Film Reviews

The Onion Field: A True Crime Drama

My first impression of The Onion Field was that it detailed the years during the murder investigation and life after the investigation of the first ten years. This film is not for everyone, but it has great acting performances to keep the story going.

This is a true crime story about a cop doing a traffic stop check killed in cold blood based on the true accounts during the murder investigation and afterwards. This film is based on the 1973 book of the same name. This film is grim and feels long when viewing it for the first time. The pacing is fine for the story being told. It goes through ten years after the investigation of the murder in the onion fields with the witness moving on with feelings of guilt and remorse affecting his health and the criminals calling for appeals in court only to have their initial sentences lessened.

Screen shot of Ted Danson and John Savage playing Ian Campbell and Karl Hettinger sitting at the diner at night.
Screenshot of Ian Campbell (Ted Danson) and Karl Hettinger (John Savage) sitting at the diner at night.

The story starts in the summer of 1963 with the two criminals played by Greg Powell (James Woods) and Jimmy “Youngblood” Smith (Franklyn Seales) discussing their next plan of robberies during the day constantly carrying a gun in their pants. Then transitions to the two LAPD detectives Ian Campbell (Ted Danson) and Karl Hettinger (John Savage) talking about their day and planned future activities then eating at a diner at night. The two criminals were driving around at night scoping out their new hit that the police saw as suspicious. Then they did an illegal u-turn that got the police in their unmarked police car to pursue them to pull them over. Not wanting to be pulled over and inspected by the police, Powell pulls a gun on Campbell. In the heat of the exchange, Hettinger gives Smith his gun while Campbell was at gunpoint. The criminals kidnap the two cops at gunpoint and drive them to the onion fields in Bakersfield, California, north of Los Angeles away from the city. After the police got out of the car, Powell, who wanted to envoke the Little Lindbergh Law while discussing that with Smith earlier ends up shooting Campbell in the face killing him instantly. Hettinger ended up running for his life to running to the closest farmhouse cloaked in darkness after a large cloud blocked the moonlight.

Screen shot of Greg Powell (James Woods) and James Smith (Franklyn Seales) being incarcerated.
Screenshot of Greg Powell (James Woods) and James Smith (Franklyn Seales) being incarcerated.

Just to explain this part of the movie based on what the filmmakers said, the Little Lindbergh Law is a federal offence to kidnap a victim across state lines. It was based on the Lindbergh Baby kidnapping crime in 1932. But it was nullified by the murder.

Screenshot of Greg Powell (James Woods) yelling during interrogation.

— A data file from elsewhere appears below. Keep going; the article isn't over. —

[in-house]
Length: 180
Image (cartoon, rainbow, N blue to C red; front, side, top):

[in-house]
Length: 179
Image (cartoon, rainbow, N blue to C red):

This film is very tense with great performances and their understanding of the characters. The murder scene of Ian Campbell had particularly good acting choices with screaming added in. It even gave James Woods some accolades and a Kansas City Film Festival award.

There are very few special effects in the film beyond the murder scene. The photos they made of Campbell’s deceased body can be irksome. It has scenes with age effect makeup on the incarcerated criminals and the surviving witness to show the effects of stress over the years. The colour grading and film techniques are fairly simple and not stylized having no tonal changes or deep shadows. The other special effect was the clouds crossing the moonlight making the field darker. The location of the film used real courtrooms, police stations, jailhouses and real street scenes in Valencia, Los Angeles, Maricopa and Taft, California that adding to the realism of the film with most of the set not in need to be built and cutting down on cost. Plus, some workers were cast as extras in some courthouse and police station scenes.

The DVD that I originally watched this film had a special feature that explained more about the film which is how I know more about the story and the filmmaking.

The film was written by the same writer of the original book – Joseph Wambaugh. He was a cop who kept writing while still being on the force until his novel career took off. He financed his first film and had a lot of final say about the story direction to director Harold Becker. The Onion Field was filmed in 42 days. The writer kept the story as accurate to the real life story without changing anything for a happy ending.


Further reading based on the true story: ‘The Onion Field’ film played role in keeping killer behind bars by Susan King, LA Times (2012)

Genre: Crime/Drama
Year: 1979
Duration: 126 minutes

Rating: 3.5 out of 5.

Three and a half out of five stars

All screenshots are from the film

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